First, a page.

Tuesday, April 27, 2010

The Giant Cockroach – Part 1

Author’s note: This is the first in a two-part series about Jenice H.’s knowledge of and encounters with intelligent insects.

There are more than 4,000 known species of cockroaches on earth today. Jenice H. knows there are more species – giant species. Species science knows nothing about.

Jenice lived in San Antonio, Texas, in 1990 when she struck up a conversation with a man in his mid-20s from New York who walked his dog through her neighborhood.

“He said he had nothing else to do but shoot the breeze, so I barbecued him up a hot dog,” Jenice said. “He asked if I wanted to hear a weird, but true incident that had happened to him around 1985. He said he had quit on the spot, as it had scared the bejesus out of him.”

The young man had just graduated high school and got a job at a restaurant that he soon found had a pest problem.

“He had only intended to (work) there a few years, as there was bad sanitation problem what with the rats and breathing in cockroach (waste),” Jenice said. “He said he wondered why he had been wheezing more about that time for some many weeks.”

Cockroach feces and saliva carry allergens and can trigger asthma, according to the United States Environmental Protection Agency.

One day, the grease trap under the kitchen floor clogged and the owner asked the young man to clean it out. It was early evening and the young man was preparing to clock out.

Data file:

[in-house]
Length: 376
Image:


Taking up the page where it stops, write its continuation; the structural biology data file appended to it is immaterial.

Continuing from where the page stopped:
“His boss had asked him if he could squeeze through a small crawlspace in the kitchen floor,” Jenice said. “The boss said there’s something blocking up the natural draining of the fry grease. Fix it before inspectors reported it.”

So, the young man did what his boss asked and shinnied into the crawl space the city uses to vent the pipes under buildings. The beam from his flashlight cut through the darkness as he pulled himself through the dank, filthy, cramped area under the floor, and he noticed what clogged the drain.

He reached for the object and pulled out something that looked like a plate of an insect’s exoskeleton – but this was two-feet long.

“He then heard some kind of screeching, and thought perhaps it was a rat,” Jenice said.

The sound came from a semi-circular ventilation shaft leading away from the crawlspace. As he moved his arm to toss the object he’d found into the shaft something in that shaft moved.

“He almost didn’t piece it together until he saw two long feelers about a yard long swish around on the other side of the groove,” Jenice said. “It was a giant cockroach. By the dimension of the feelers, maybe six-feet long.”

The young man dropped what he was now certain was exoskeleton and pushed himself out of the crawlspace and back into the restaurant kitchen. He resigned immediately and never went back.

“Roaches are purported to be an intelligent insect,” Jenice said. “The roach was smart enough to clog up the grease to harden it and eat in the dark hours when the restaurant closed. Borders on the bizarre.”

Next week: Jenice encounters the giant cockroaches in California.

Copyright 2010 by Jason Offutt

Got a scary story? Ever played with a Ouija board, heard voices, seen a ghost, UFO or a creature you couldn’t identify? Let Jason know about it: Jason Offutt, P.O. Box 501, Maryville, Mo., 64468, or jasonoffutt@hotmail.com. Your story might make an upcoming installment of “From the Shadows.”

Jason’s newest book on the paranormal, “What Lurks Beyond: The Paranormal in Your Backyard,” is available at Jason’s blog, from-the-shadows.blogspot.com.

2 comments:

sammytechieguy said...

borders on? i'd say that's pretty crazy.

? said...

All insects are intelligent whether larger than the norm or not.